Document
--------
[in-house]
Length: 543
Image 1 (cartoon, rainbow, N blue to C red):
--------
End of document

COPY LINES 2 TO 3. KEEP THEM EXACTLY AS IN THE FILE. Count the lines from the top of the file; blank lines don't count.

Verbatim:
Length: 543
Image 1 (cartoon, rainbow, N blue to C red):